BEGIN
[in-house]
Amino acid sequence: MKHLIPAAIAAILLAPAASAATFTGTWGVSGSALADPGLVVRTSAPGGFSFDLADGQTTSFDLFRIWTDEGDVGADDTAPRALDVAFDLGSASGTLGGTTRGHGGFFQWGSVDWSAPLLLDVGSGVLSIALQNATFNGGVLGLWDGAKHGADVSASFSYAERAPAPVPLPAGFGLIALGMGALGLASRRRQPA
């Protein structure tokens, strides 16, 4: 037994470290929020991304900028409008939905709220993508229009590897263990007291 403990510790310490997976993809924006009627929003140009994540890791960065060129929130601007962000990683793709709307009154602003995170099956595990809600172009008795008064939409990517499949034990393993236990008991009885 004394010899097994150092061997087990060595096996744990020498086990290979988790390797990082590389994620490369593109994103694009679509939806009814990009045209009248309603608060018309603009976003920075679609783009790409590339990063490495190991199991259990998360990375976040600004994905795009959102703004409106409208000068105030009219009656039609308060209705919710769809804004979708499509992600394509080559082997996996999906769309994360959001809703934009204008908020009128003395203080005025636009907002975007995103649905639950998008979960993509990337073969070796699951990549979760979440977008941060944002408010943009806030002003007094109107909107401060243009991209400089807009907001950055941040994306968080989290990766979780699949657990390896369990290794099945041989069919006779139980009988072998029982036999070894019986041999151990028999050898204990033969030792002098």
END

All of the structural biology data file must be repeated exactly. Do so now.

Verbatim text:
[in-house]
Amino acid sequence: MKHLIPAAIAAILLAPAASAATFTGTWGVSGSALADPGLVVRTSAPGGFSFDLADGQTTSFDLFRIWTDEGDVGADDTAPRALDVAFDLGSASGTLGGTTRGHGGFFQWGSVDWSAPLLLDVGSGVLSIALQNATFNGGVLGLWDGAKHGADVSASFSYAERAPAPVPLPAGFGLIALGMGALGLASRRRQPA
């Protein structure tokens, strides 16, 4: 037994470290929020991304900028409008939905709220993508229009590897263990007291 403990510790310490997976993809924006009627929003140009994540890791960065060129929130601007962000990683793709709307009154602003995170099956595990809600172009008795008064939409990517499949034990393993236990008991009885 004394010899097994150092061997087990060595096996744990020498086990290979988790390797990082590389994620490369593109994103694009679509939806009814990009045209009248309603608060018309603009976003920075679609783009790409590339990063490495190991199991259990998360990375976040600004994905795009959102703004409106409208000068105030009219009656039609308060209705919710769809804004979708499509992600394509080559082997996996999906769309994360959001809703934009204008908020009128003395203080005025636009907002975007995103649905639950998008979960993509990337073969070796699951990549979760979440977008941060944002408010943009806030002003007094109107909107401060243009991209400089807009907001950055941040994306968080989290990766979780699949657990390896369990290794099945041989069919006779139980009988072998029982036999070894019986041999151990028999050898204990033969030792002098």